Vargas, 5-foot-4, was the team’s principal setter, recording 2,640 career assists, including an impressive 856 of the team’s 896 assists in her senior season. She also was the team’s top server at 98.7 percent while adding in 729 digs. She was a three-year starter and selected to the All-WAC first team all three seasons.
Richter, 5-foot-6, was the team’s Libero, and was solid in all areas of her play, Bailey said. From her varied positions, she was tough on the defensive side and recorded more than 1,000 digs in her three-year career as a starter for the Buffs.
“This has been a special group and I felt that way three years ago when I became the coach here,” Bailey said of the group. “They are all so unique in their talents. It helps Coach Hiltz fill his team’s positions. I can imagine how he feels. They are all so diverse and so skilled.”
Karlin even indicated that she began thinking more about staying home when she saw that many of her life-long teammates were going to play at GCCC next season.
“I thought it would be really good to stay and work on things to be better prepared for the next level,” Karlin said recently. “I think since we’ve got four of our local players on the roster that it will be really cool to represent southwest Kansas.”
Karlin reinforced Bailey’s opinion of Hiltz in explaining some of her decision-making process to play for the Busters next season.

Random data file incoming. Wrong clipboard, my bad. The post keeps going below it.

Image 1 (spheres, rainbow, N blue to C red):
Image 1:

“He knows so much about the game,” Karlin said. “He will get us where we want to be and he will help us find out what are plans are for playing at that next level above.”
Bailey said that one of the advantages of so many players from the same team moving on to remain teammates is their familiarity with each other – both on and off the court.
“They’ve definitely had a lot of success,” Bailey said of the 2019 season which saw the Buffs go 33-5, recording the third most wins in school history. “Their competitiveness is at such a high level. They push each other all the time. They have a special language of talking to each other. There’s just that level of growing and maturing and that’s pretty special.”
Of the four Lady Buffs, Richter was the first to sign with the Busters on Nov. 19, 2019, just a few weeks after finishing her high school career at the 6A state tournament in Salina. Vargas would pen her name to the letter on Jan. 17 and Meng followed on Feb. 13. Then, after much reflection and introspection, it was Karlin who signed her letter with the Busters on March 23.
For Hiltz, it was like sitting at a poker table and drawing a high hand – while they’re not exactly 4 of a kind, it’s pretty close to the winning hand for the second-year Buster coach.
“They all play differently, but the thing I can say is that Coach Bailey has done a great job in teaching and coaching them to play at a high level,” Hiltz said. “We’re excited to have them here and I think it will be a big drawing card to our home matches.”
The “Quality Quartet” is now complete. All that remains is to see what materializes in the fall, if and when, colleges return to campuses after the COVID-19 outbreak turned the world upside down.